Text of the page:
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What is it about nice people that attract total idiots?Nice people are martyrs. Idiots are evangelists.


Wednesday, January 20, 2016

Another one bites the dust

A little while ago, I saw on Facebook that Animal, drummer for The Electric Mayhem, passed away at the age of 66.

I get why someone thought this would be funny- taking the edge off the losses in music we are having already this year.  David Bowie and Glenn Frey in a matter of days is a hard pill to swallow for us classic rockers.  I think we thought these guys were invulnerable and would live forever (at least until The Who played the Super Bowl).  But if we hadn't learned the lesson of mortality before this, we certainly have now.

And that's just with the names you heard on mainstream media.  Let me give you a list of the people who are gone from this vale JUST since Scott Weiland of Stone Temple Pilots kicked off this wave on December 3rd...

Stevie Wright, lead vocal of the Easybeats- who hit with Friday On My Mind in 1966- on December 27th.

Lemmy Kilmister, who was a hard rock pioneer with Hawkwind and Motorhead, one day later.

Natalie Cole, every bit her father's daughter, on New Years Eve.

Robert Stigwood, the manager who built the Bee Gees into the powerhouse they became, on the 4th of January.

Nick Caldwell, member of the R&B band The Whispers (And The Beat Goes On, 1980, and Rock Steady, 1987) the next day.

A pair of old timers on the seventh:  Fort Wayne-born Troy Shondell, who's big hit was This Time (We're Really Breaking Up) in 1961; and Kitty Kallen, who spent 9 weeks in 1954 at the top with Little Things Mean A Lot.

Of course, next was Bowie on the 10th.

The day before Glenn's death on the 18th, two more passed:  Dale"Buffin" Griffin, drummer for Mott The Hoople (All The Young Dudes); and Mic Gillette, founding member of the Tower Of Power horn section.

And that brings us to 2 days ago and Glen Frey.  In an odd happenstance, Glenn's first recorded work was background on Bob Seger's 1968 hit Ramblin' Gamblin' Man.  And Seger made a big hit of the tune Trying To Live My Life Without You, originally recorded and charting in 1973 by R&B singer Otis Clay- who died on January 8th.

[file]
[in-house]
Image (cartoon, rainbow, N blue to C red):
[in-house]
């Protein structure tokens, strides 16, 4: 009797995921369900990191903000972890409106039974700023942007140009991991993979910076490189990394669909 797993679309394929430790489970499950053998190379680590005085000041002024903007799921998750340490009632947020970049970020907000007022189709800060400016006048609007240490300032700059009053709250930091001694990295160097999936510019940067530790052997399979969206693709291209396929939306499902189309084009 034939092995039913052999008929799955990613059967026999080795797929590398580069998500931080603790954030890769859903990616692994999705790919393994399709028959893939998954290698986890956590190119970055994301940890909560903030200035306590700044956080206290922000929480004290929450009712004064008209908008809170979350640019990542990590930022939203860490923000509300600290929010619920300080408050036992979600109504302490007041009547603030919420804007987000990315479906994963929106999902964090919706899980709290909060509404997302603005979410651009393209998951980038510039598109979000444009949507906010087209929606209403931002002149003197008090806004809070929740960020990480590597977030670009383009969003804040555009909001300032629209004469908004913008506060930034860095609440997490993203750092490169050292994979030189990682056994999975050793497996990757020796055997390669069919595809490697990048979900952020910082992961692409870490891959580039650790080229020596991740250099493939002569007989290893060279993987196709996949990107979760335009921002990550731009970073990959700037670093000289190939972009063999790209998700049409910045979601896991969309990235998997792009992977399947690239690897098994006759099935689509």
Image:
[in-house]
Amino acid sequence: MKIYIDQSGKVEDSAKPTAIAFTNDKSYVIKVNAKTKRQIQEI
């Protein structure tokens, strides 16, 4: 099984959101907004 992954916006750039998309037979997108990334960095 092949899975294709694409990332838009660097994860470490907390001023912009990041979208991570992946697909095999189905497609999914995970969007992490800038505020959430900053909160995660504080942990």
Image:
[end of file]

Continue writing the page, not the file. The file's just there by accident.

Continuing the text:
I know Glenn had a substantial solo career, but for me, Glenn is early Eagles- Take It Easy, James Dean, Tequila Sunrise.  And two of the five Eagles' #1s are his- New Kid In Town and Heartache Tonight- along with one that Billboard short changed (but not Cashbox, who had it at the top), Lyin' Eyes.  And what kept Lyin' Eyes out?

Elton John and Island Girl.  Look out, Reggie, you're getting up there, too....


In the mean time, here are the two songs from last week's M10 you haven't heard here yet.  First, we have the Great American Canyon Band...

And the second, Molly Rankin and Alvvays...


  1. I think that it seems like more people are dying simply because The Age of Celebrity has finally gotten old enough. Did that make sense? All of our favorites are finally at the age when it can happen any time. And it is. Any and all the time...

    1. Couldn't have put that any better...

  2. Chris:
    Very well said.
    Thank God the music they ALL left behind will be a legacy that will outlive generations yet to come.

    Stay safe & warm up there, brother.

  3. The Who. One of my favorite bands, but when I saw them at the Super Bowl...yikes. Time to go gracefully into retirement, my friends.
    On a related note, can you confirm if Buckwheat is still dead?

  4. CW-I am out of the blog biz (at least for now) or I would have posted on how bad a year this has been for the music we grew up on.

    I'd missed Gilette but heard about the rest.

    As Robin said, I guess we've come to that age...


  5. It's just a huge loss for the music industry this month. Awful, awful, awful!

  6. Hi, Chris!

    Thanks for the Molly Rankin alert. She'd be rankin high if I staged a Beauty Contest (or went hunting for Mrs. Shady #3). Her demeanor and voice remind me of Debbie Harry - delightfully "wooden." I happen to love wooden actresses, those that keep it in and reveal subtle hints of emotion rather than gushing. Do you know what I mean? That's why I like Molly's style. Her "bland" personality draws you in and keeps you interested - no need to emote. Does any of that rambling make sense?

    The instrumental passages in "Crash" are very similar to "Waiting for a Girl like You" by Foreigner, don't you think?

    I didn't know that Otis Clay died a couple weeks ago. I owned a best of Otis compilation along with the entire Hi Records Anthology. "Trying to Live My Life W/O You" was, of course, included.

    Thanks, Chris!